Florida health officials refer Anthony Bosch case to prosecutors

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The wheels grind slowly, but they grind:

The Florida Department of Health, which sent a cease-and-desist order to Biogenesis founder Anthony Bosch last month, says it has referred the case to the Miami State Attorney’s office and the Florida Attorney General’s office.

Ed Griffith, a spokesman for Miami State Attorney Katherine Fernandez Rundle, said local prosecutors can’t initiate a criminal investigation into Bosch — who allegedly provided performance-enhancing drugs to Alex Rodriguez, Melky Cabrera and two dozen other Major League Baseball players — until health officials provide prosecutors with evidence of criminal activity.

All of this is relevant for baseball only insofar as heat can be applied to Bosch in a manner which gives him an incentive to call out baseball players.  Whether that is something that is at all valuable to the health officials who have thus far investigated him or prosecutors who will now consider the matter is an open question.

It was something interesting to federal prosecutors back in the Mitchell Report days and their desire to go after ballplayers has done absolutely nothing to benefit the careers of any federal prosecutors. Quite the contrary, actually. So it’s quite possible that all the Florida attorneys will care about is shutting down a crooked clinic and getting its owner behind bars.

Best way to do that: give ballplayers immunity and sealed testimony to sink him, actually. Which does not exactly help the aims of MLB in its desire to find dirt on these guys.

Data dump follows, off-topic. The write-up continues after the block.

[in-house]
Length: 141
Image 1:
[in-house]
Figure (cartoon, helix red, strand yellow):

Dodgers feel optimistic about Corey Seager’s return in the World Series

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The Dodgers pulled through the five-game Championship Series without Corey Seager, but they’re counting down the days until their prized slugger/shortstop can make his first World Series appearance. He still has a ways to go before he can return to the field, however. Bill Plunkett of the OC Register reports that while Seager has been hitting off a tee, taking soft toss and running the curves of the infield, he’ll need to practice hitting in a simulated game before he can rejoin the team next Tuesday.

The 23-year-old infielder went 3-for-15 with a triple and two RBI in the NLDS earlier this month. He was sidelined in Game 3 of the series after making a bad slide into second base and sustaining a lower back strain. Although he’s made fairly rapid progress in his recovery over the last two weeks, he’s not back at 100% just yet, and Roberts said he won’t make a final decision on his status until it gets closer to game time. Even if Seager makes a successful return to his starting position, the Dodgers may not get the same .295/.375/.479 hitter they relied on during the regular season.

Provided that everything goes smoothly over the next two days, though, there’s a decent chance Seager will find his way to the infield — or, at the very least, to the plate. “We’re very optimistic,” Roberts said Saturday. “Corey doesn’t want to be denied.”